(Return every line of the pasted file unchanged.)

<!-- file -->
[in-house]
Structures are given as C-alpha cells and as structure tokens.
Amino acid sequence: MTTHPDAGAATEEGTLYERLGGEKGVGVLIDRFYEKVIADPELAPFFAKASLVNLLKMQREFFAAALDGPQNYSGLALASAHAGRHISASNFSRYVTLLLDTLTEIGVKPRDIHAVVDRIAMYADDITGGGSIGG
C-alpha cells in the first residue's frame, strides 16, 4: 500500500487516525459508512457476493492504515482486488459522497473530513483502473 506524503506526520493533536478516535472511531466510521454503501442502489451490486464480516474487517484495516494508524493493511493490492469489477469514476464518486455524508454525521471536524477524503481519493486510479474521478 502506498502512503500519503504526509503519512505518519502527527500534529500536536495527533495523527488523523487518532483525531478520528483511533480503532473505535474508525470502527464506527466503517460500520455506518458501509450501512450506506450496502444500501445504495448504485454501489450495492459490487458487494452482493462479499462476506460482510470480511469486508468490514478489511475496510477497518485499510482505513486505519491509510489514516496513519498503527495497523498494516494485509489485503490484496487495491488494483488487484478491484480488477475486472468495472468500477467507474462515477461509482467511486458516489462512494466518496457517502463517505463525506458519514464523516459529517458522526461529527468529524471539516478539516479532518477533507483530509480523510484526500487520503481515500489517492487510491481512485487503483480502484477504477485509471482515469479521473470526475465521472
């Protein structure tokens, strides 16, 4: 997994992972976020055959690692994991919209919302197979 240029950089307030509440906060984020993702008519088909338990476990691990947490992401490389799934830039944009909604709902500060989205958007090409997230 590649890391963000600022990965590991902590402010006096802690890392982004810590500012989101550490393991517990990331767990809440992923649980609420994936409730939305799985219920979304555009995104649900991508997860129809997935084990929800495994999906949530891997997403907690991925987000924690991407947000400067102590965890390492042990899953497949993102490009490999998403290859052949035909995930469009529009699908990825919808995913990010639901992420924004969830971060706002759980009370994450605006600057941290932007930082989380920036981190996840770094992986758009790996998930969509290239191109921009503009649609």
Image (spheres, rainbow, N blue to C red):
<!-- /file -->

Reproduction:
[in-house]
Structures are given as C-alpha cells and as structure tokens.
Amino acid sequence: MTTHPDAGAATEEGTLYERLGGEKGVGVLIDRFYEKVIADPELAPFFAKASLVNLLKMQREFFAAALDGPQNYSGLALASAHAGRHISASNFSRYVTLLLDTLTEIGVKPRDIHAVVDRIAMYADDITGGGSIGG
C-alpha cells in the first residue's frame, strides 16, 4: 500500500487516525459508512457476493492504515482486488459522497473530513483502473 506524503506526520493533536478516535472511531466510521454503501442502489451490486464480516474487517484495516494508524493493511493490492469489477469514476464518486455524508454525521471536524477524503481519493486510479474521478 502506498502512503500519503504526509503519512505518519502527527500534529500536536495527533495523527488523523487518532483525531478520528483511533480503532473505535474508525470502527464506527466503517460500520455506518458501509450501512450506506450496502444500501445504495448504485454501489450495492459490487458487494452482493462479499462476506460482510470480511469486508468490514478489511475496510477497518485499510482505513486505519491509510489514516496513519498503527495497523498494516494485509489485503490484496487495491488494483488487484478491484480488477475486472468495472468500477467507474462515477461509482467511486458516489462512494466518496457517502463517505463525506458519514464523516459529517458522526461529527468529524471539516478539516479532518477533507483530509480523510484526500487520503481515500489517492487510491481512485487503483480502484477504477485509471482515469479521473470526475465521472
């Protein structure tokens, strides 16, 4: 997994992972976020055959690692994991919209919302197979 240029950089307030509440906060984020993702008519088909338990476990691990947490992401490389799934830039944009909604709902500060989205958007090409997230 590649890391963000600022990965590991902590402010006096802690890392982004810590500012989101550490393991517990990331767990809440992923649980609420994936409730939305799985219920979304555009995104649900991508997860129809997935084990929800495994999906949530891997997403907690991925987000924690991407947000400067102590965890390492042990899953497949993102490009490999998403290859052949035909995930469009529009699908990825919808995913990010639901992420924004969830971060706002759980009370994450605006600057941290932007930082989380920036981190996840770094992986758009790996998930969509290239191109921009503009649609």
Image (spheres, rainbow, N blue to C red):